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Socioeconomic determinants of health related quality of life in childhood and adolescence: results from a European study
  1. Ursula von Rueden1,
  2. Angela Gosch1,
  3. Luis Rajmil2,
  4. Corinna Bisegger3,
  5. Ulrike Ravens-Sieberer1,
  6. the European KIDSCREEN group
  1. 1Robert Koch Institute, Berlin, Germany
  2. 2Catalan Agency for Health Technology Assessment and Research, Barcelona, Spain
  3. 3Departement of Social and Preventive Medicine, Social and Behavioural Health Research, University of Berne, Switzerland
  1. Correspondence to:
 Dr U Ravens-Sieberer
 Robert Koch Institute, Seestr 10, D-13353 Berlin, Germany; Ravens-SiebererU{at}rki.de

Abstract

Study objective: The objective of this study was to investigate the impact of two different socioeconomic status (SES) measures on child and adolescent self reported health related quality of life (HRQoL). The European KIDSCREEN project aims at simultaneous developing, testing, and implementing a generic HRQoL instrument.

Design and setting: The pilot version of the questionnaire was applied in school surveys to students from 8 to 18 years of age, as well as to their parents, together with such determinants of health status as two SES indicators, the parental educational status and the number of material goods in the family (FAS, family affluence scale).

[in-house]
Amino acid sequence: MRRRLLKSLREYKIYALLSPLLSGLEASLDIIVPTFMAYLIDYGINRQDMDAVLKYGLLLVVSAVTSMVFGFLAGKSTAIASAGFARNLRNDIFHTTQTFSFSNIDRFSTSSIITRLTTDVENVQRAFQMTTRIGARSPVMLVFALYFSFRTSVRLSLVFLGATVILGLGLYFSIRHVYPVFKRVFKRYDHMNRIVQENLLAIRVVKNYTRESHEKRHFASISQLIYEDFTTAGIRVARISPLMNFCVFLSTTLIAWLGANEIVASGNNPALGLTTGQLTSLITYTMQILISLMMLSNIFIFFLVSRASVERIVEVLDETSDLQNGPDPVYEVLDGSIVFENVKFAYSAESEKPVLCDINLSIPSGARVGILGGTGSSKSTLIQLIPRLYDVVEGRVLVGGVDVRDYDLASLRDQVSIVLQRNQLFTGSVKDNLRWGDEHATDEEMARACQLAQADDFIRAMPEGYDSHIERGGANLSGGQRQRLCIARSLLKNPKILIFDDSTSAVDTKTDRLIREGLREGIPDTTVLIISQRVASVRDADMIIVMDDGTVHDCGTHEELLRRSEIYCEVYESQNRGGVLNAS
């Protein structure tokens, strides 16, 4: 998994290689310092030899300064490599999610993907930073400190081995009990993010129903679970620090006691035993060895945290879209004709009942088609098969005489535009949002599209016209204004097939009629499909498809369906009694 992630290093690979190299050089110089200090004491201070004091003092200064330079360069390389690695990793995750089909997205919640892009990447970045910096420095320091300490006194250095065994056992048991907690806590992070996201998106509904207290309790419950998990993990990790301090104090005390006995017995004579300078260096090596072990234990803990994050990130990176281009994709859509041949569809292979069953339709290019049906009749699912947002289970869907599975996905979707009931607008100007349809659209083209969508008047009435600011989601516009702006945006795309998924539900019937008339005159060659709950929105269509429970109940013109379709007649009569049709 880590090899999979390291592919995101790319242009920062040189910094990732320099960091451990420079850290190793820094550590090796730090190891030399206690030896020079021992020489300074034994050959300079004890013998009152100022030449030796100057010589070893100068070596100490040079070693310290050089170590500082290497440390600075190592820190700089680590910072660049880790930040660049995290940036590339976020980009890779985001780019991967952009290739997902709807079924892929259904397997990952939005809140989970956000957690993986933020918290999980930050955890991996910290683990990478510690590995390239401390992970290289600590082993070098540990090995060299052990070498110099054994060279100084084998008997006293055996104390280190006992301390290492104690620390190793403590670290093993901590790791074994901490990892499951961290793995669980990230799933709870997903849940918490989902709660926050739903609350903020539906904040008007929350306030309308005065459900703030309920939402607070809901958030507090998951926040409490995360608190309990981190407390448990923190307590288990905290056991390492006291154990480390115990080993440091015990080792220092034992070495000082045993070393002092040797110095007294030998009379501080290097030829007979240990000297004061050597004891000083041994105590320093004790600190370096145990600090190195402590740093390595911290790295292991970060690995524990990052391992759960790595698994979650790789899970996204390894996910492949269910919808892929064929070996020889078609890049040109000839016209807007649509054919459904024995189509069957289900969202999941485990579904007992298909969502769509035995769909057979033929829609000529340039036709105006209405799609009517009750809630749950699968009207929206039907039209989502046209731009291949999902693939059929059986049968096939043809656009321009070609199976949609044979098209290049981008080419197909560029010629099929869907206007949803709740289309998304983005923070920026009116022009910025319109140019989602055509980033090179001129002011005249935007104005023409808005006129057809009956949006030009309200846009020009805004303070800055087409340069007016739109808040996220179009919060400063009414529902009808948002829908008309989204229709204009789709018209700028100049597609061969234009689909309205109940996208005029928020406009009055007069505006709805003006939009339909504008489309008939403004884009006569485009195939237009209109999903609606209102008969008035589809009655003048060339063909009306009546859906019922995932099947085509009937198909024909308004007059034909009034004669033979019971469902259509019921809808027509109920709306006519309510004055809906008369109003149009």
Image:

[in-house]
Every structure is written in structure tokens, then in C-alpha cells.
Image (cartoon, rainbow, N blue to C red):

Participants: Students from seven European countries: 754 children (39.8%; mean: 9.8 years), and 1142 adolescents (60.2 %; mean: 14.1 years), as well as their respective parents.

Main results: In children, a higher parental educational status was found to have a significant positive impact on the KIDSCREEN dimensions: physical wellbeing, psychological wellbeing, moods and emotions, bullying and perceived financial resources. Increased risk of low HRQoL was detected for adolescents in connection with their physical wellbeing. Family wealth plays a part for children’s physical wellbeing, parent relations and home life, and perceived financial resources. For adolescents, family wealth furthermore predicts HRQoL on all KIDSCREEN dimensions.

Conclusions: There is evidence to suggest that exposure to low parental educational status may result in a decreased HRQoL in childhood, whereas reduced access to material (and thereby social) resources may lead to a lower HRQoL especially in adolescence.

  • SES, socioeconomic status
  • HRQoL, health related quality of life
  • SES
  • health related quality of life
  • childhood
  • adolescence

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Footnotes

  • Funding: The KIDSCREEN Project is funded by the European Commission.

  • Competing interests: none declared.

  • Ethics approval: in accordance with the guidelines of the local ethics committees, all students whose parents signed an informed consent were included in the study.

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